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Unsettled States

Unsettled States: Nineteenth-Century American Literary Studies

Dana Luciano
Ivy G. Wilson
Copyright Date: 2014
Published by: NYU Press
Pages: 352
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  • Book Info
    Unsettled States
    Book Description:

    InUnsettled States, Dana Luciano and Ivy G. Wilson present some of the most exciting emergent scholarship in American literary and cultural studies of the long nineteenth century. Featuring eleven essays from senior scholars across the discipline, the book responds to recent critical challenges to the boundaries, both spatial and temporal, that have traditionally organized scholarship within the field. The volume considers these recent challenges to be aftershocks of earlier revolutions in content and method, and it seeks ways of inhabiting and amplifying the ongoing unsettledness of the field.Written by scholars primarily working in the minor fields of critical race and ethnic studies, feminist and gender studies, labor studies, and queer/sexuality studies, the essays share a minoritarian critical orientation. Minoritarian criticism, as an aesthetic, political, and ethical project, is dedicated to finding new connections and possibilities within extant frameworks.Unsettled Statesseeks to demonstrate how the goals of minoritarian critique may be actualized without automatic recourse to a predetermined minor location, subject, or critical approach. Its contributors work to develop practices of reading an American literature in motion, identifying nodes of inquiry attuned to the rhythms of a field that is always on the move.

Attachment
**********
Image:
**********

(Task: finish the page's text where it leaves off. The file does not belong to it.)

eISBN: 978-1-4798-1833-4
    Subjects: Language & Literature

Table of Contents

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  1. Front Matter
    (pp. i-iv)
  2. Table of Contents
    (pp. v-vi)
  3. Introduction: On Moving Ground
    (pp. 1-28)

    In the early morning of December 16, 1811, the first of a major series of earthquakes struck the Mississippi Valley. The earthquakes continued through the following spring, numbering over 1,800 in total. Centered in the Louisiana territory, in a region now shared between southeastern Missouri and northeastern Arkansas, their effects were felt for over a million square miles. They cracked sidewalks in Washington, D.C., damaged buildings in Savannah, Georgia, destroyed huge tracts of forest, and permanently altered the course of rivers; local legend held that during the worst quakes, the Mississippi flowed backward. The riverbank town of New Madrid, for...


    • 1 Confederates in the Hispanic Attic: The Archive against Itself
      (pp. 31-54)

      John O’Donnell-Rosales’s compendiumHispanic Confederatesis an impressive and disturbing contribution to the archive of Hispanic history. “The War for Southern Independence saw thousands of these men flock to the Confederate cause,” O’Donell-Rosales writes in an introduction. “Whole companies were raised, composed fully or partially of Spanish/Hispanic men.”¹ And these included not only white Creoles but also “Mestizos of Spanish/Native American ancestry,” Minorcans of Florida, Sephardic Jews, and even a handful of “Asian men from the Philippines” who used Spanish in their correspondence and had Hispanic surnames.² O’Donnell-Rosales’s project is archival in the sense that it is recuperative and amasses...

    • 2 Historical Totality and the African American Archive
      (pp. 55-75)